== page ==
Loans with advanced charge
Are you looking for a loan or a credit card but do you think you do not meet the requirements? Did the bank reject your request because you have an unsatisfactory credit history? You may be tempted by those ads and websites that guarantee a loan or credit card without considering your credit history. Rule number 1: Providers who legitimately operate never “guarantee” or say they are likely to receive a loan or a credit card before submitting your application, especially if you have poor credit, do not have credit or file for bankruptcy.
Six signs that undoubtedly indicate an advance charge loan scam
There are some red flags that can help you detect the tricks used by opportunistic scammers. For example:
A lender who is not interested in checking your credit history
A lender can offer loans or credit cards for different purposes – for example, for you to start your own business, or to consolidate your invoices. But a lender who doesn’t care about his credit history should be a cause for concern. The ads that say things such as “Do you have credit problems? No problem, ”or“ We don’t care about his past. You deserve a loan ”, or“ Get money quickly ”, or“ Already, without problems – and guaranteed ”, usually indicate that it is a scam.
In general, banks and other lenders that operate legitimately evaluate the creditworthiness of the applicants, and before granting credit to a person, confirm the data of the loan application.
Charges not reported clearly or prominently
Fraudulent lenders can tell you that they have approved the granting of a loan, but later, before giving you the money they call you or send you an email demanding that you pay a fee. If a lender wants to charge you some type of advance charge before granting the loan, it is best to keep looking for credit elsewhere, especially if they tell you that the charge is to cover the costs of “insurance,” “processing,” or simply to the “stationery”.
Legitimate lenders usually charge an application fee, appraisal or to process your credit report. What is the difference? They report their cartoons clearly and prominently; they charge the charges by deducting them from the loan amount; and usually, they are paid directly to the lender or loan agent after loan approval.
And what happens if a lender tells you that it will not verify your credit history, but asks for your personal information, such as your Social Security number or your bank account number? Turn to another provider. You may use your information to collect the hidden charge by debiting it directly from your bank account.
A loan offered by phone
It is illegal for companies that operate by telephone within the United States to promise you a loan or a credit card and ask you to pay before granting them.
A provider who uses an imitation name or similar to others
Malefactors often choose names for their companies that sound similar to those of recognized or respectable organizations and create websites with a very professional design. Some opportunistic scammers have pretended to be representatives of Better Business Bureau offices, an important bank or other reputable organizations; and there have even been some cases of fraudsters who print false stationery or pay some people to give good references. Always look for the company’s phone number in the phone book or ask for the information service and call to verify that the provider is who you say you are.Also get the physical address of the company: a company that publishes a PO Box or Mailbox in its advertisements instead of a physical address must be checked before the corresponding authorities.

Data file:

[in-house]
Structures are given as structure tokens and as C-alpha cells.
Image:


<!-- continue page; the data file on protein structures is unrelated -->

A provider that is not properly registered in your state
Loan entities and loan agents must register with the state in which they operate. To verify if the provider is properly registered, call your state Attorney General’s office or the Banking or Financial Regulation Department of your state. Verifying that the provider is registered does not necessarily imply that you will be satisfied with their services, but at least it will serve to rule out fraudsters.
A lender who asks you to make a money transfer or to pay a certain person
Do not pay anyone directly to get a loan or credit card; Providers who operate legitimately will never ask you to do so. Also, do not use a money transfer service or send payment orders to obtain a loan. If a problem arises with the transfer of money, you will have scarce resources to solve it, in addition, legitimate lenders do not pressure their clients to turn them around.
Lastly, do not assume that a finely designed promotion sent by mail, an advertisement for a loan located in an important place in your neighborhood or published in your newspaper, or an advertisement broadcast on television, internet or on the radio is a deal. convenient – or even legitimate. Opportunistic scammers strive for you to think they are legitimate, so it is very important that you take the work of investigating.
How to deal with your debts
If you have debt problems, try to resolve them with your creditors as soon as you realize that you will not be able to make your payments. If you cannot solve the problems on your own or if you need help, you may want to contact a credit counseling service. In all states there are non-profit organizations that advise and instruct individuals and families who have debt problems by developing budgets and teaching them to use credit wisely. Usually, these services cost little money and in some cases are free. Low-cost or free credit counseling programs are also offered at universities, military bases, credit unions and housing authorities. To learn more about the subject, read Choosing a credit counselor.